- A variant occurs on Wizards of Waverly Place. Alex purchases a dragon dog from a shady salesman to make up for Justin's old dog running away. After their parents agree to take care of it as long as they attempt to find it's rightful owner (as Alex claimed it was a stray she found), the salesman comes to reclaim the dragon so he can resell it later. A Zany Scheme ensues as they try to get it back.
- In the 1996 Cosby sitcom, Cosby's character's daughters bought a homing pigeon, with the seller telling them that the pigeon only needs a few days with them to consider their house his new home. They find out about this because they put nail polish on the pigeon before the pigeon went back to the seller, and recognized the polish when they saw him again.
Mythology and Religion
- In an Older Than Feudalism example, Erysichthon from Greek mythology was cursed with unending hunger for killing a nymph. After wasting all his property on food, he sold his daughter. Being a Voluntary Shapeshifter, she ran away and back to her father. Rinse and repeat.
- Dungeons & Dragons adventure T1 The Village of Hommlet. The traders in the village will sell the Player Characters "vicious, cowardly mongrel" dogs, claiming that they're trained hunting dogs. The dogs will take the first opportunity to run away from their new owners and return to the traders. The traders will dye the dogs' fur to disguise them. If the PCs return and claim that the traders pulled a fast one on them, the traders will claim that the dogs are actually others that just happen to look like the originals.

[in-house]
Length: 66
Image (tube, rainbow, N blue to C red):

- Call of Cthulhu supplement Dreamlands, adventure "Yellow Sails". The NPC Mironim-Mer has a highly intelligent cat named Fortune. When the PC party needs to buy a boat to leave Dylath-Leen, the owner will offer to sell it for 50 gold pieces. If the party doesn't have enough money, Mironim-Mer will offer to throw in Fortune as part of the deal. The owner will accept (he clearly plans to eat Fortune). As the party prepares to set sail, they will find Fortune onboard the boat.
- White Dwarf magazine #74, article "A Company of Wolves". The article includes a short story about a werepig and his brother. The brother would take the werepig to town and sell him in pig form. Later, the werepig would return to human form and escape his new owner.
- Waverly Flams has an even more lucrative version in Wanna Buy A Ghost? where a man in a Coat Full of Contraband is selling ghosts at $5,000 each. Not only does the ghost return to the seller, it kills the owner and brings their ghost back!
- In the Looney Tunes short "Chow Hound", a dog runs a scam with a cat, forcing him to bring the food the cat's "owners" give him. The dog treats the cat horribly, always hitting him for not bringing him gravy. Eventually, the dog changes the scam to get the reward for lost pets, then yank the cat away like a coin on a string. The dog eventually gets enough money to by his own butcher shop. He gets hospitalized for overeating, and that's when the cat gets his revenge by forcing extra gravy down his throat.
- In Codename: Kids Next Door, goldfish that kids win at the carnival play dead, and all KND agents go to the same place to flush them. Naturally, that pipe leads back to the carnival where the goldfish stand owner can retrieve them.